[whatwg] Suggestion: Implementation of Tabbed Forms

Ian Hickson ian at hixie.ch
Sun Aug 29 13:20:13 PDT 2004

On Thu, 26 Aug 2004, Matthew Raymond wrote:
> Ian Hickson wrote:
> > On Tue, 17 Aug 2004, Matthew Raymond wrote:
> > 
> > > > Tabs are not mutually exclusive, they are just an unordered group 
> > > > of related sections that are usually shown such that only one is 
> > > > visible at any one time.
> > > 
> > > Why do we need semantic mutual exclusion at all? It seems to be some 
> > > kind of semantic justification of the presentational value of having 
> > > a group of sections where only one can display at a time. On a 
> > > practical level, just how useful is non-presentational mutual 
> > > exclusion in markup?
> > 
> > I've run into several cases where I've needed this. For example, 
> > writing a game application with four screens, all implemented in the 
> > same HTML file: the login screen, the game "lobby" screen, the actual 
> > game screen, and the results screen. Only one of those is to be 
> > displayed at any one time.
>    That's _presentational_ mutual exclusion. I fail to see how that 
> amounts to _semantic_ mutual exclusion.

I disagree. I think it is very much a semantic mutual exclusion. It makes 
no sense to be showing the game screen when the user hasn't yet logged in, 
for instance.

> > > > Anyway, the spec currently has a separate section for tabs, which 
> > > > says that the tabbed version of the above would be:
> > > > 
> > > >    <tabbox>
> > > >      <section>
> > > >        <h1>Section 1</h1>
> > > >      </section>
> > > >      <section>
> > > >        <h1>Section 2</h1>
> > > >      </section>
> > > >    </tabbox>
> > > 
> > > Quick note: I have to say, I don't like the header tags being 
> > > treated as tag labels. There are cases where we've done something 
> > > similar, but only when absolutely necessary. I'm a little concerned 
> > > that we're getting too clever with our markup rather than having a 
> > > straight-forward standard.
> > 
> > What's not straight-forward about this?
>    Well, for starters, exactly how would someone unfamiliar with HTML5 
> know that the <h1> element contains the name of the tab for that 
> section? Why wouldn't the user just believe that the name is simply a 
> heading within the section?

How would someone unfamiliar with HTML4 know that <var> is for marking up 
variables? How would someone not familiar with HTML5 know that <section> 
referred to a document section, and not a band section? (<section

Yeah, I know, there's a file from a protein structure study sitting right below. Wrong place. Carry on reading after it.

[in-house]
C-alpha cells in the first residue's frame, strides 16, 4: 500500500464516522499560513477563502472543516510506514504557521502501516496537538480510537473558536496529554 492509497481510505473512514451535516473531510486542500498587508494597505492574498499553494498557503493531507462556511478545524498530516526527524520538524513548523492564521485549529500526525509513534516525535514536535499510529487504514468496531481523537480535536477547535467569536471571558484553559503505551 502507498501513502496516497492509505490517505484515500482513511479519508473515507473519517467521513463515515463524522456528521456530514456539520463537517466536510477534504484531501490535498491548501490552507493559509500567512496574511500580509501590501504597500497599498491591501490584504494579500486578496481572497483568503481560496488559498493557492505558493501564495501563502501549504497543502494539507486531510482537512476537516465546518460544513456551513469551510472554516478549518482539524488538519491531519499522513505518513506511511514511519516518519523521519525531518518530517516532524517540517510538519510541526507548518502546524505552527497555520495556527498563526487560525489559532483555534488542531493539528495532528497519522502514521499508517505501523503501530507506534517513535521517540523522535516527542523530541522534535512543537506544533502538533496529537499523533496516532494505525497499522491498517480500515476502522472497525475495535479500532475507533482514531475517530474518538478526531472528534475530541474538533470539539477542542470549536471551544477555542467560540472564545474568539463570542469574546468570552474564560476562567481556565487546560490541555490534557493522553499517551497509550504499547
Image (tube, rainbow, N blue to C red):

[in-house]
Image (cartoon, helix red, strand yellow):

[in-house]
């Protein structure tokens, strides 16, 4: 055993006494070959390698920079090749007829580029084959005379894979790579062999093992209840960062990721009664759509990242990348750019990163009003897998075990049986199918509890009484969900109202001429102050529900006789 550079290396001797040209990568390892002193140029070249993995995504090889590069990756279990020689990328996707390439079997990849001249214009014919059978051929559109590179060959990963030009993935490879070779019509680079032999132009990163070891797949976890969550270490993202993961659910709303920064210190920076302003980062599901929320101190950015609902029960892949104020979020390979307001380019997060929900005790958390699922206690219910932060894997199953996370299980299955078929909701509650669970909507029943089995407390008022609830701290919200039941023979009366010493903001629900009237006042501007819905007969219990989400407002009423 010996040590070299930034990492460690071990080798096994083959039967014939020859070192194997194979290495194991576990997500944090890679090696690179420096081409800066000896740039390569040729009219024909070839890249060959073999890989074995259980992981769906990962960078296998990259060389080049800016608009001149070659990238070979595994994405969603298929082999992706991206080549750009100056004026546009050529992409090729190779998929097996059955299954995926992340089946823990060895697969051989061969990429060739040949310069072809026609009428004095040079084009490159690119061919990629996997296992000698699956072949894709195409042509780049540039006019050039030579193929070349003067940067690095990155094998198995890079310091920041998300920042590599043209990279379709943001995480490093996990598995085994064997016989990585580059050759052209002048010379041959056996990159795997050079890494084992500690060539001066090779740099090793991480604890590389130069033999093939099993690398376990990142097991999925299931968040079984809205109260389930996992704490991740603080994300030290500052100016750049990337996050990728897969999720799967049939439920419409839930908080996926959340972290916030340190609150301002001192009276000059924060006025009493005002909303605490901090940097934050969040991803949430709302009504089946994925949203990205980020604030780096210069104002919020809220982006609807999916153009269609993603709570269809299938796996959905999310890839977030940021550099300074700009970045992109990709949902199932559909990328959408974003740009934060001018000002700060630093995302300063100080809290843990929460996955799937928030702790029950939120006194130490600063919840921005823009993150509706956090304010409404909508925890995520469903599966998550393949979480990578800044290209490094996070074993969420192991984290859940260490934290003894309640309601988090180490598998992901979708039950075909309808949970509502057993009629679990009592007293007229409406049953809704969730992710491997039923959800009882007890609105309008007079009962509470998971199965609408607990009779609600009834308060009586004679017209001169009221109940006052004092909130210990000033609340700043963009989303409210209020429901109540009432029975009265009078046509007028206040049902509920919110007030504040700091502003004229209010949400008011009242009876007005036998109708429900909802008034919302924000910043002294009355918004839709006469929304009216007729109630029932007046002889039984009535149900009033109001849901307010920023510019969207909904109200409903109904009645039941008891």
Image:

The name _is_ simply a heading within the section. And the heading's 
section title is the tab's title. I don't understand why that is a 
problem? I think it's a bit semantically dubious to have to give the 
section titles twice.

> I would object far less if it were this:
> <sectionlabel for="section1"><h1>Section 1</h1></sectionlabel>
> <section id="section1">
>   Content.
> </section>

But that's really ugly.

   <h1>Section 1</h1>

...would not be as ugly, but even then, you've lost most of the 
possibilities of doing magic with <section> (as described in the spec, 
like using CSS selectors to style the <h1>) and it makes defining <h1>'s 
semanics a lot harder.

> I'm strongly opposed to the use of <h1> as a tab label. [...] The reason 
> for my objection is semantic overloading. The <h1> element would mean 
> different things _semantically_ depending on the situation.

Why is that a problem?

What would <h1> mean there if it wasn't "section header"?

>    What I don't understand about the example is that there seems to be 
> an implied <iframe>, since there is no |target| specified.

No <iframe>; the links just act like normal links and replace the current 
page if they have no target="" attribute.

(This is similar to how the www.whatwg.org pages have a tab strip at the 
top with links to several pages.)

> > > It could also be used with simple Javascript events, so vendors 
> > > could keep tabstrip even if they decide to pass on <section>.
> > 
> > Not sure what you mean here.
>    Right now, people can create tabs using DHTML. If webmasters had a 
> tabstrip like the one that exists in VB, all they would have to do is 
> write some Javascript that would run when a tab is clicked that would 
> change the ZOrder of a block so that it is on top. Without the tabstrip, 
> the webmasters have to implement the entire tabstrip widget, and for 
> DHTML, that means you run into styling problems.

So basically you are saying "<tabstrip> allows people who have JS enabled 
to write JS that hooks into the <tabstrip> element to fake a tabstrip?" If 
so, then I don't understand your concern. If JS is enabled, they can 
synthesise all the elements they want from the markup, just like a native 
implementation would.

>    A section, in most people's minds, would be a set of paragraphs in a 
> document, not a (presentationally) mutually exclusive block.

That's exactly the point. It needn't be rendered as a tab, that's just the 
preferred default rendering for visual UAs. It could, in fact, be rendered 
just as the sections one after the other (as it would in most legacy UAs).

Ian Hickson               U+1047E                )\._.,--....,'``.    fL
http://ln.hixie.ch/       U+263A                /,   _.. \   _\  ;`._ ,.
Things that are impossible just take longer.   `._.-(,_..'--(,_..'`-.;.'

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